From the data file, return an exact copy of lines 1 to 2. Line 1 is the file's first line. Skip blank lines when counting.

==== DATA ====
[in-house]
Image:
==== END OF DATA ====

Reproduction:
[in-house]
Image: